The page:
Abstinence can be one way to fight society’s attempts to coerce us into sex before we’re ready. Being able to state “I am not having sex right now (or ever) and that is OKAY” can feel empowering.

A feminist practice of abstinence would differ from mainstream practices of abstinence in that it would assert bodily autonomy rather than promoting the idea that one’s body belongs to one’s future spouse and, therefore, must be kept in pristine condition. It would reject any claim that women dressing immodestly gives men a right to look at them. It would reject the idea that, after marriage, one’s spouse becomes the owner of one’s body.

A feminist practice of abstinence would reinforce the idea that, whether you have sex or not, your body is yours. No one has a right to it, no matter what you’re wearing, who you’re married to, or how far  you’ve already gone. The right to say “No” is always yours. 

3. Feminism affirms a person’s right to make informed choices

Some people are abstinent because it’s what’s expected of them. They had abstinence-only education in high school, their parents and church required a pledge of abstinence from them, and/or they were taught that God would punish them if they did not remain abstinent. This is not the kind of abstinence that a feminist practice of abstinence would support.

However, some people know the facts about sex and choose to remain abstinent anyway. Maybe they do this because of personal religious beliefs. Maybe they do it to avoid pregnancy or STIs. Maybe they are waiting for the right person or are not interested in sex at this point in their lives. It doesn’t matter what the reason is. Feminism affirms informed choice. Therefore, feminism should be actively working to inform, but never working to make a choice for someone.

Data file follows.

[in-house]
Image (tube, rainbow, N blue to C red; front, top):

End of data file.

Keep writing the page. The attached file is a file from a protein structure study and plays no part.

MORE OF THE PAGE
A feminist practice of abstinence would support sex-education so that people’s choices are truly informed. It would condemn any efforts to coerce someone into abstinence. It would work to provide people with the protection or birth control needed to enjoy sex so that people who still choose to remain abstinence can truly call their choice informed. 

If you want to be abstinent, be abstinent! It’s not a choice that is incompatible with feminism. In fact, it can be an empowering choice for some people. Just remember, just as others don’t get to decide what you do with your body, you don’t get to decide what others do with theirs. And, please, for the love of God, stop with this stuff. 

  • Kristen Rosser

    Ultimately, I remained abstinent until marriage because I didn’t want to share that most intimate part of myself unless my partner had chosen to commit himself to me first. I wanted a man I could trust to respect my boundaries– and this was, as far as I could see, the hardest boundary for a man to respect in a woman. I came from a dysfunctional home where all kinds of other boundaries (thankfully, not this one!) were habitually violated. The fact that my fiance respected this boundary was a huge thing to me. Being a Christian gave me other reasons to remain abstinent, but I think I would have felt this way even if I hadn’t been one.